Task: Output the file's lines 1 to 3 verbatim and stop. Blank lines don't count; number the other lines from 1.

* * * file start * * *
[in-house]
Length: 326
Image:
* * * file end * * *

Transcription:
[in-house]
Length: 326
Image: